Just another crack in the wall?
Cem Deveci, writing in Varlik, argues that modernity has replaced a hierarchical value-system with multiple norms, which one may prioritize as one likes. Now, questions such as whether a technologically advanced state is necessarily a democratic one, whether industrial progress does more harm than good, and whether limitless consumption is a travesty of freedom, are casting doubt over modernity's promises.
In Turkey, people are reaching for "super norms" that provide orientation in an era of uncertainty. This desire produces two attitudes: religiosity and nationalism. "A return to religion and pride in one's identity are, in general, considered normal." Yet to be modern, writes Devici, "necessitates a struggle to uphold those human and secular norms we wish to be valid. Nihilistic attitudes serve those who perceive normality as a means of repression."
Every two weeks, the Eurozine Review rounds up current issues published by the journals in the Eurozine network. This is just a selection of the more than 80 Eurozine partners published in 34 countries.
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Literary perspectives: In a series initiated by Eurozine, renowned critics and authors review the literary landscapes of their respective countries, thereby bringing varying critical traditions and practices to the attention of international readers. Kicking off the series in its own pages, Varlik translates Matt McGuire's excellent article on contemporary Northern Irish prose and poetry. While the Northern Irish literary tradition is closely bound up with the experience of sectarian violence, writes McGuire, contemporary poets and prose writers defy the assumption that "the troubles" are all there is to the country's literature.
The full table of contents of Varlik 12/2007
Constructions of European identity are more often than not based on the contrast to the United States. Europe is different to the US: more humane, more just, more equal. Europeans watch Michel Moore's film Sicko and are horrified by the sight of American poverty. But at the same time, Europeans know very little about the dark sides of their own society. In a self-critical focus on the supposedly polar relationship between EU and the US, Swedish Arena asks if the European self-image stands the test of reality.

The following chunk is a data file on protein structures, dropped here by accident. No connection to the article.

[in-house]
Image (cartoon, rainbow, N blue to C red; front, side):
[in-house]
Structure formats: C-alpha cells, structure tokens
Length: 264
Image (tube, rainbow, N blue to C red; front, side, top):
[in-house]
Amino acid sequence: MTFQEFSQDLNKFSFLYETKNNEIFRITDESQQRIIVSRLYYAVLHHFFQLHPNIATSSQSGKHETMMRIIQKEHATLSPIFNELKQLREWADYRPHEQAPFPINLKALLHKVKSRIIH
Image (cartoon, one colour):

It turns out that cracks appear here and there in European self-indulgence. Per Wirtén touches an especially sore point: European poverty. "The EU machinery often declares that the fight against poverty has priority. But the responsibility for policy measures are still confined to national institutions and the ambition to see the whole is scattered in a geographic mosaic." Still, the figures are there, and they do not flatter Europe: every fourth Greek is in arrears with the most necessary bills (water, electricity, etc); 30 per cent of Estonians and almost as many Portuguese describe their housing as "slum-like"; 60 per cent of Romanians living under the poverty line have no access to an indoor toilet, 45 per cent of Lithuanians...
More on EU vs. USA: Ylva Bergman, editor of Ottar, a journal on sexual and reproductive rights, points to the obvious fact that abortion is a highly debated issue in the US. In the EU, however, it's a taboo question. Nobody seems to be prepared to take on the political fight against those countries that do not regard abortion as a human right.
Mats Wingborg takes a closer look at the anti-Semitic, homophobic, revisionist, and racist parties making their mark on European politics everywhere, including in the European parliament. These parties would be unthinkable in the US.
Europeans are outraged by the racism in the US but reproduce it at home, writes Lawen Mohtadi in an article about the "Rage against the Roma". In the EU you can still find segregated schools and dreams of ethnic cleansing. Roma are despised in every country in the Union.
Also to look out for: Claus Leggewie's "Between national Church and religious supermarkets", in which the European secularism comes across as half-hearted compared to the US.
The full table of contents of Arena 6/2007
Magyar Lettre 67 (2007-2008)
Viktoria Radics writes on the cultural renaissance of Bosniak culture in Sarajevo, exemplified by the publication of a new dictionary of the Bosnian language – "one with broad-ranging and liberal views that does not prescribe or archaize". The courtyards of Sarajevo's mosques, now restored, are once again centres of social life and young Bosniak women – to the dismay of an older generation of urbanites – are donning the Mahram, or headscarf.
Nevertheless, the traditionally liberal, western oriented Islam of the Bosniaks has a competitor in the form of the "pure Islam" preached in mosques funded from Saudi Arabia: "The contemporary tendency to pan-Islamism is to a great extent re-Islamizing secular Bosnian national identity [...] and in doing so drawing strong criticism from the liberal Bosnian intelligentsia."
Outside Sarajevo, the picture is rather different. In Stolac, where Croatian troops systematically destroyed traditional Muslim buildings (Radic calls this "urbanicide", the architectural correlate to the genocide of Stolac's Muslims), the Catholic community did all it could after the war to prevent the central mosque being rebuilt. Outward displays of Catholic piety are a favoured camouflage for wartime guilt, a local historian explains: